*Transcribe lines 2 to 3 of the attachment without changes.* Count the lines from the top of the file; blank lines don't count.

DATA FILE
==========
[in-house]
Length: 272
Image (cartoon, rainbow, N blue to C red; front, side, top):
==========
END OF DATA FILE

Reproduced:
Length: 272
Image (cartoon, rainbow, N blue to C red; front, side, top):